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Hello my lovely community, I have this equation : 

 

0 = I1/r - I2/r+d

 

 By the way the 1 at I1 is an index. Same goes for I2.

 

I want to solve this equation for r but I am helpless :(

Could anyone help me and show it to me step by step ?

Sekai  Oct 19, 2017
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8+0 Answers

 #1
avatar+78755 
+1

Is the equation

 

0   =  I^(1/r) - I^(2/r) +  d     ????

 

Or is it

 

0  =  I^1  / r  +  I^(2) / r  + d      ????

 

 

cool cool cool

CPhill  Oct 19, 2017
edited by CPhill  Oct 19, 2017
 #2
avatar+17 
0

The 1 at I1 and the 2 at I2 are just an index. In this exaple I1 is electricity number 1 and I2 is electricity number 2 :)!

Theoretical I could write : 0 = y/r - x/r+d 

and now I want to solve for r :3

Sekai  Oct 19, 2017
 #3
avatar+78755 
+2

Oh...OK....I understand now

 

We have that

 

0  =  I1 / r  + I2 / r  + d     subtract   d from both sides

 

-d  =   I1 / r  + I2 / r       note that the right side can be written as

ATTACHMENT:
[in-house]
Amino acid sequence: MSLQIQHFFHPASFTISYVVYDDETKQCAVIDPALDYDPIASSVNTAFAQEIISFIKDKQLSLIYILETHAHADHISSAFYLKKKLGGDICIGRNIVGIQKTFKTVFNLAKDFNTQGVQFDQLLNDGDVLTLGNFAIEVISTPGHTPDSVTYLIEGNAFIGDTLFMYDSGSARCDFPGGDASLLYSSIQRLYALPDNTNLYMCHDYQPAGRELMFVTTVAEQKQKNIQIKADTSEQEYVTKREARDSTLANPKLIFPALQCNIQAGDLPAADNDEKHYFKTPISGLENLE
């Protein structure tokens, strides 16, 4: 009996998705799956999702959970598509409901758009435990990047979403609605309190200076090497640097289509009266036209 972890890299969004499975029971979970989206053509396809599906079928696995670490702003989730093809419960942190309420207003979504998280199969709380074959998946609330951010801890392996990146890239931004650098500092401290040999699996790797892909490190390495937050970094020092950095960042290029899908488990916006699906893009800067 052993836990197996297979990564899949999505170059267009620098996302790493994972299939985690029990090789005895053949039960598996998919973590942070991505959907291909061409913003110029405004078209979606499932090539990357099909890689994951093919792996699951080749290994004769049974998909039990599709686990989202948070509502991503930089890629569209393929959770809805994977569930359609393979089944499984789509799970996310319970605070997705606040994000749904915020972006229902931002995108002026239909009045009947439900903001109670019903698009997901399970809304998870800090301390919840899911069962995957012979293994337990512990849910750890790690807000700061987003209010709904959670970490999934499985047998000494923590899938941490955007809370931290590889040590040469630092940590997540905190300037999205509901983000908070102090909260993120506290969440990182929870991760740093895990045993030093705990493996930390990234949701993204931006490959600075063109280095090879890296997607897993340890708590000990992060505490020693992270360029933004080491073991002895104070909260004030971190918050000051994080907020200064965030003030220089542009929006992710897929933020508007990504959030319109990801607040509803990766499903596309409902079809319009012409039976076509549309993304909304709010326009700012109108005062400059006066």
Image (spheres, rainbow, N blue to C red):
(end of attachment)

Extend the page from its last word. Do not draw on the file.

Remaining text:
-d =   [  I1 + I2 ]  / r      multiply both sides by r

 

-rd  =   I1 + I        divide both sides by -d

 

r =     [  I1 + I2 ]  /  -d 

 

r  =   - [ I1 + I2 ] / d  

 

 

cool cool cool

CPhill  Oct 19, 2017
 #4
avatar+17 
0

Thank you !

(I also learned to make an index. I<-- haha.)

Sekai  Oct 19, 2017
 #5
avatar+78755 
+2

 

 

P.S.  ......if the "d"  is supposed to be a part of the second denominator, we have

 

0  =  I1 / r  + I2 /  (r  + d)      get a common denominator

 

0 =   [ I1 ( r + d)  +  Ir ]  /  [ r (r + d) ]      multiply boh sides by   [ r (r + d) ]

 

0 *  [ r (r + d) ]  =   [ I1 ( r + d)  +  Ir ] 

 

0  =   [ I1 ( r + d)  +  I2 r ]    simplify

 

0  =  I1 r + I1d +   I2 r       subtract  I1d  from both sides

 

- I1d     =    I1 r  +   I2 r      factor the right side

 

- I1d   =   r  [ I1 + I2 ]         divide both sides by  [ I1 + I2

 

- I1d  /   [ I1 + I2 ]    =   r

 

 

cool cool cool

CPhill  Oct 19, 2017
 #8
avatar+17 
+1

Yessssss I was wondering the whole day about the equation since I've seen it before and it was more like the second one. 

I am sry for my mistake but thanks that you're so mindfully!

Sekai  Oct 20, 2017
 #6
avatar+78755 
+2

One last thing, Sekai

 

The  "1"    and  "2"   are known as "subscripts"

 

"Indexes"  usually refer to exponents

 

 

cool cool cool

CPhill  Oct 19, 2017
 #7
avatar+17 
+1

Well I am learning Math and Physik in german and my teacher alway say to Subscripts index so I was assuming it was the same in english haha :c 

But thanks. 

Learning by mistakes ! :D

Sekai  Oct 20, 2017

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